From Brexit to trade wars (the US imposing tariff sanctions on China) to fluctuating oil prices, major world economies are continuously thriving to be prepared for the unexpected. With these uncertainties, the procurement function would be at the forefront of an organization for risk minimization. Procurement in 2019 will have to remain at the top when it comes to minimizing the supply chain costs. It will require bringing in innovation and technology interference to save costs wherever necessary.
Moreover, organizations are always struggling with internal risks arising due to lack of transparency. Being compliant with legal standards is just not enough these days. With social media and word of mouth being the biggest influencers in today’s times, organizations have to be extra careful when it comes to ethics and compliance. As per the whitepaper by Zycus, “Ensuring Efficient Supplier Risk Management with Supply Chain Transparency,” only 65% of the procurement leaders have little or no visibility in their supply chain. A transparent system not only reduces exposure to risk but also reduces the information gap that helps in managing risks more effectively.
Focus on indirect spending has always been on the radar of procurement function though recently, more and more organizations are readily putting efforts to control it. Indirect spending or tail spending follows the 80/20 rule, i.e., it constitutes 20% of the organization spent and involves 80% of the suppliers. Due to the involvement of a large supplier base, processes under indirect spending need to follow a holistic governance process to avoid leakages, various contract terms, paperwork, and dealing with a big chunk of suppliers’ information. The whole process becomes so cumbersome that an organization eventually loses out on opportunities such as dynamic discounting, budget accuracy, and supply chain visibility. As a result, in 2019, more organizations would look out for automated financial solutions, including Procure-to-pay (P2P) solutions that would be integrated with the organization’s Accounts Payable (AP) processes. The solution will minimize the maverick spending by negotiating the critical contract terms well in advance suppliers and streamline the complete contracting process.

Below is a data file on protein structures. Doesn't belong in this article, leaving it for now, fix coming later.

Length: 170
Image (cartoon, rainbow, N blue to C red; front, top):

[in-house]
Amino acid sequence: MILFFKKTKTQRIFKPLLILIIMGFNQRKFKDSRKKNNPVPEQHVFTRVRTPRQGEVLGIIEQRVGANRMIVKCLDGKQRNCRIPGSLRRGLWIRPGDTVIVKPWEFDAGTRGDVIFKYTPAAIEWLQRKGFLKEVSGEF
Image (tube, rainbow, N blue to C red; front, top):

AI will not remain just a procurement trend in 2019 with more and more organizations going to adopt in their processes. Procurement teams will design and deliver intelligent bots to complete most run-of-the-mill procurement tasks with minimal human intervention. From managing large-volume of orders to running repetitive sourcing events, from negotiating with suppliers for low-value items to updating inventory lists, AI will undertake all these activities, thus putting mundane tasks on auto-pilot mode. Products like Zycus’ Merlin A.I. Studio can quickly scale up the procurement process, using multiple pre-packaged procurement bots as well as an easy-to-create bot store.
Procurement leaders have time and again agreed change management being the biggest roadblocks in achieving the outlined procurement goals. With the advent of digital technologies, the transactional work in a procurement function is becoming automated. As a result, the extra time available due to automation can be deployed by resources in more strategic activities that a business needs. But the transition to change management is not easy, as it brings a sense of insecurity about the end state and hence resistance to undertake new initiatives. In 2019, more organizations will focus on a smooth change management plan through increased focus on regular communication with the employees; engage them through the process and by providing adequate training and support.
As procurement is gaining more strategic importance within an organization, the expectations from this function are also increasing. This year, the procurement function will continue to deliver on traditional cost savings while focusing heavily on digital technologies and supplier synergies. Overall, 2019 seems like a promising year full of challenges and opportunities for procurement to undertake.